Optical Frequency Domain Imaging (OFDI) and Vascular Healing After Stent Placement Diabetics Presenting With Acute Coronary Syndrome (OFDI-DM)

This study is currently recruiting participants. (see Contacts and Locations)
Verified May 2014 by Emory University
Sponsor:
Information provided by (Responsible Party):
Aloke V. Finn, Emory University
ClinicalTrials.gov Identifier:
NCT01794949
First received: November 7, 2012
Last updated: May 27, 2014
Last verified: May 2014
  Purpose

The use of drug eluting stents (DES) used to treat coronary artery blockages is limited by poor healing of the stented area. This will require the combined use of blood thinners such as aspirin and clopidogrel (i.e. dual anti-platelet therapy (DAPT)) to prevent complications such as clot formation on the stent which may lead to a heart attack. Diabetic patients and those presenting with a heart attack at the time of stent placement are at increased risk for clot formation the stent however little is known of the healing responses after stent placement in these populations.

Currently all patients receiving DES are advised to complete DAPT for twelve months although more personalized durations of DAPT based on stent healing would reduce both clot formation and potential bleeding from the blood thinners, thereby improving the long-term safety of DES.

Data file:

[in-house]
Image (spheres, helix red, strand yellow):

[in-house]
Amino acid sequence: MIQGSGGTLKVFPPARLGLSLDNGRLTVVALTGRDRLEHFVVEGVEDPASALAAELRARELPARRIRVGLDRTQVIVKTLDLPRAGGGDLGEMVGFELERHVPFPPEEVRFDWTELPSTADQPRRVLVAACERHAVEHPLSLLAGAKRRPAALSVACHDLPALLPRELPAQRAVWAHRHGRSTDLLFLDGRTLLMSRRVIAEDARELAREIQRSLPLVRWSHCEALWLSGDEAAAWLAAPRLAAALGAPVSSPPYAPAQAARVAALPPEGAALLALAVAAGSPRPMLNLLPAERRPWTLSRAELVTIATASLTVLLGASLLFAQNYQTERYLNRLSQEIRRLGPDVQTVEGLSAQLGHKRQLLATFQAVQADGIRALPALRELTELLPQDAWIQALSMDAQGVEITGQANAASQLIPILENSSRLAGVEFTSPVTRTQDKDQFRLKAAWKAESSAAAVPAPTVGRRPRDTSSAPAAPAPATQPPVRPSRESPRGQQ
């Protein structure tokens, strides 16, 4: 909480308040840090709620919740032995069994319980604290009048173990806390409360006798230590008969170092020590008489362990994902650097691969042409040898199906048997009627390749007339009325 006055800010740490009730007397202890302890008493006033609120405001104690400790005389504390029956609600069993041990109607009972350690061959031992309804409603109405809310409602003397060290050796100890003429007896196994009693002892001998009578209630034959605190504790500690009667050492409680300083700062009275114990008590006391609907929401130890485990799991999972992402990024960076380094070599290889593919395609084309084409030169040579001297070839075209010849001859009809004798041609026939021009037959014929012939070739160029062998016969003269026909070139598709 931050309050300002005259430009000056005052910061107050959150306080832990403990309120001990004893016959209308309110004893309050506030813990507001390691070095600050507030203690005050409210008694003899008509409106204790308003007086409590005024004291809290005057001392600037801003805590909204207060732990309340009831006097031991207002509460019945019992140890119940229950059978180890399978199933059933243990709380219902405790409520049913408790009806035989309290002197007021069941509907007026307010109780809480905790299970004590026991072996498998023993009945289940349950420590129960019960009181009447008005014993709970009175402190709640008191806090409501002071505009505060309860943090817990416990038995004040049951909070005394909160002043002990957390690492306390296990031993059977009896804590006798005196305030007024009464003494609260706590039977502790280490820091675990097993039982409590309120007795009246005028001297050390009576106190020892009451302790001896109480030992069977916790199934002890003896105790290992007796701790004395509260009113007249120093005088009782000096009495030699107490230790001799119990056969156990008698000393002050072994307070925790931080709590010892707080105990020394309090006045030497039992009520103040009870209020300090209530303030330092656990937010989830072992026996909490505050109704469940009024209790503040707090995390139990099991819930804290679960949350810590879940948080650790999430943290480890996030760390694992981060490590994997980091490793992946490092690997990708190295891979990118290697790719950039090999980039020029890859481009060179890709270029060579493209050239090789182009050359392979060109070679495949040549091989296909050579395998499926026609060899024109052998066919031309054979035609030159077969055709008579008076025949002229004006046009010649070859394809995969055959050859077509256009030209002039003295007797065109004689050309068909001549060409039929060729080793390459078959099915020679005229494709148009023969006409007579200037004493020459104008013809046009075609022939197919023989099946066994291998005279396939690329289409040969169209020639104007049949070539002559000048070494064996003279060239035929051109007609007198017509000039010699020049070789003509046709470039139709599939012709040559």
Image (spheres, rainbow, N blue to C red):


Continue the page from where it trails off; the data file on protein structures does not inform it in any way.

Intracoronary optical frequency domain imaging (OFDI) is a novel high resolution invasive imaging technique that has the ability to evaluate stent healing at follow-up. Among the commercially available coated stents used in the U.S., the zotarolimus eluting stents (RESOLUTE Integrity, Medtronic, Minneapolis, MN) has demonstrated superior healing in both preclinical and clinical studies.

The purpose of this trial is to determine the healing responses to the RESOLUTE Intregrity stent as detected by OFDI in patients with and without diabetes presenting with ACS. Specifically in this observational study, we will investigate non-insulin dependent diabetics and non-diabetics in the setting of ACS and RESOLUTE Integrity stent placement.

The investigators hypothesize that healing responses in patients with non-insulin dependent diabetes will be similar to those without diabetes presenting with ACS and that a majority of patients will demonstrate complete healing as determined by OFDI measurements.


Condition Intervention
Coronary Artery Disease
Device: Resolute Integrity stent

Study Type: Observational
Study Design: Observational Model: Case Control
Time Perspective: Prospective
Official Title: Optical Frequency Domain Imaging (OFDI) Determined Stent Strut Coverage and Plaque Morphology After RESOLUTE Stent Placement in Non-Insulin Dependent Diabetics Presenting With Acute Coronary Syndrome (ACS)

Resource links provided by NLM:


Further study details as provided by Emory University:

Primary Outcome Measures:
  • Percent stent coverage [ Time Frame: 6 months ] [ Designated as safety issue: No ]
    Assessment of the frequency of vascular healing 6 months after RESOLUTE Integrity placement in patients with non-insulin dependent diabetes presenting with ACS using optical frequency domain imaging (OFDI). Vascular healing will be measured by percent covered stents as determined by OFDI.